Clearview Elementary School – USA

24 February 2010

Hanover, Penn. – Pennsylvania’s first LEED-registered school building is helping students earn high marks while parents reap the benefits of its low utility costs.

Clearview Elementary School in Hanover, Penn., was built to compete. Now, in its first month of operation, Clearview is not your traditional wood-framed school. It was constructed with ECO-Block insulating concrete forms (ICFs). John Boecker, the lead architect on the project and founding chair of the AIA Pennsylvania Committee on the Environment, used ECO-Block as a key strategy in putting this high-performance facility to the test. His team designed Clearview to achieve U.S. Green Building Council (GBC) Leadership in Energy & Environmental Design (LEED) Certification. Clearview was also one of five buildings selected nationwide to represent the U.S. team at the 2002 GBC Sustainable Buildings Conference held last fall in Oslo, Norway.

LEED distinguishes building projects that have demonstrated a commitment to sustainable site issues, water savings, energy efficiency, materials selection and indoor environmental quality. The level of LEED certification a project receives depends on the number of credits earned for various criteria.

“From the beginning, we aimed to achieve LEED Silver Level Certification,” said Boecker, a LEED-accredited architect with L. Robert Kimball & Associates, Harrisburg, Penn. “Now it appears that we have a chance to obtain gold. We set out for Clearview to be a place where students thrive and parents and taxpayers get the most for their money, both up front and over the life of the building. ECO-Block was a powerful component for garnering these results.”

The ECO-Block ICF system is just one of the resources Boecker utilized to achieve the best possible LEED rating. Under-floor plenums for ventilation provide fresh air to keep students and teachers alert, healthy, and focused on learning. Thermal windows with daylighting strategies offer more than three times more natural illumination than conventional classrooms and help cut energy consumption in half. These strategies have also been shown to significantly augment student performance. A recent study by the California Board for Energy Efficiency showed that the learning rates for elementary students in classrooms with daylight increased 20% to 26% as measured by math and reading test scores when compared to student performance in non-daylighted classrooms.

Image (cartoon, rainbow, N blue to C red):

“Since opening in December, I’ve noticed that students and staff are better at focusing on learning rather than the environment,” said Josephine Bookwalter, Clearview Elementary principal. “They’re not distracted with cold temperatures, squinting to see the board and other daily stresses. Our utility bills are benefiting, too.”

Building with ICFs has multiple advantages to owners and the environment as it consistently saves in time, money and energy resources. On the Clearview project alone, approximately 40% of the building materials were locally manufactured, reducing time and costs from having materials transported from far distances. Also, about 75% by cost were manufactured with a high-recycled content. It all adds up to an energy-efficient building projected to save $34,000 in annual energy costs.

“As a mom, it’s comforting to know that our kids have an enriching learning environment,” said Dana Yealy, Clearview PTO President. “And as a taxpayer, it’s encouraging to know that the money saved on utilities can go towards other important resources. The fact that this building saved trees is an environmental bonus.”

Concrete offers a number of benefits as a building material. In addition to being inert and non-toxic, the costs of a concrete building is comparable to one built with wood. Experienced crews report that building with ICFs can take less time than using wood-frame construction. It eliminates several steps – such as sheathing and insulating the exterior walls – that are necessary with wood-frame construction. The use of concrete also helps ensure durability.

Just as the LEED Certification and the Green Building Challenge evaluated the energy and environmental performance of Clearview, a local university will conduct student-led research in about a year to begin keeping a report card on the school’s performance.